St Martin and the Beggar”, El Greco, 1597-99, National Gallery of Art,
The story of St Martin of Tours and the beggar has been painted by artists of
every age. It is an inspiring story. St Martin was a Roman soldier in the
fourth Century. He was stationed near Amiens in Gaul, when one winter’s
day, he came upon a beggar who was shivering from the cold, so he divided
his cloak in two and gave half to the beggar. Tradition says that afterwards
St Martin had a dream in which he saw Christ in heaven wearing the half
cloak he had given to the beggar. St Martin converted to Christianity and
became its champion, becoming the Bishop of Tours.
After his death, devotion to the saint spread quickly and he became
an exemplar of charity, chastity and piety. Of all the images known to me of St
Martin and the beggar, I think that this one by El Greco is the most beautiful. It It
was commissioned for the Chapel of San José in Toledo. This painting was
commissioned by Martin Ramírez for his family chapel. No doubt he wished to
include an image of his name saint and aspired to the saint’s virtue. The image is
almost 2m in height and so the saint astride his white horse and the beggar by
his side would have towered over the viewer. Below them is a view of Toledo. St
Martin is shown as a contemporary knight wearing a suit of armour with gold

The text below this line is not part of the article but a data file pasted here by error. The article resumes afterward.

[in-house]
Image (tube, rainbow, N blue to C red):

inlay, which not only alluded to his previous occupation but also to the life of
virtue to which he was converted on that day. The other half of
the cloak ,or cappa, which St Martin retained was preserved as a relic and armies
carried it into battle. The temporary structure built to house the relic on the
battlefield was known as a cappella and the priests who looked after it as
cappellani, from which we get the english words ‘chapel’ and ‘chaplain’.
The Catholic Chaplaincy serves the students and staff of the University of Edinburgh, Edinburgh Napier University and Queen Margaret University.
The Catholic Chaplaincy is also a parish of the Archdiocese of St Andrews and Edinburgh (the Parish of St Albert the Great) and all Catholic students and staff are automatically members of this parish.